He might do skateboard tricks in his hotel suite and compare himself to Ghandi, but Bieber is close to shedding his brattish image. Tom Howard spends two hours with a pop star on the cusp of redemption
Here is an enjoyable selection of things Justin Bieber got up to between September 2012 and December 2014. He vomited onstage in Arizona; abandoned his pet monkey at German customs; went to dinner at Mr Chow in London wearing a gas mask; wrote “hopefully she would have been a Belieber” in the guestbook of the Anne Frank Museum in Amsterdam; was caught sneaking out of a Brazilian brothel; had a scuffle with Orlando Bloom in Ibiza; was arrested for assault and dangerous driving in Ontario, Canada; posted on Twitter that he had “officially retired”.
The 21-year old was, for a while, the biggest freak show around. Today, as he walks into the suite of a five-star hotel in London, introducing himself with a handshake, a smile and a “hey man”, he’s here to tell NME why un-Beliebers have got him all wrong.
It’s a week before ‘Sorry’ – the second single from Justin Bieber’s fourth album, ‘Purpose’ – is due to come out. Bieber recently posted the words “if you don’t like ‘Sorry’ I will punch myself in the face repeatedly” on Instagram. Sounds like he’s feeling pretty confident. “Yeah, I don’t know, I just really love the song,” he says, of the Skrillex and Blood Diamond-produced track. “It’s a simple melody, but I think music right now is missing those effective real songs.”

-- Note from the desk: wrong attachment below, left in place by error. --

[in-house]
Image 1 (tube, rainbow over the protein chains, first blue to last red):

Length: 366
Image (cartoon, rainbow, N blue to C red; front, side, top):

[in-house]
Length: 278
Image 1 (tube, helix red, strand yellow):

For someone who’s sold almost 50 million records, has the second-most-watched video on YouTube ever (‘Baby’, with over 1.2 billion views) and pulled in $77million on his 2013 tour, Bieber is curiously unsure of himself when talking about music. But his mind’s been elsewhere since he last released an album, 2012’s ‘Believe’.